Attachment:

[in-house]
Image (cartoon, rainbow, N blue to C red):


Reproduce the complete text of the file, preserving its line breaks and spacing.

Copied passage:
[in-house]
Image (cartoon, rainbow, N blue to C red):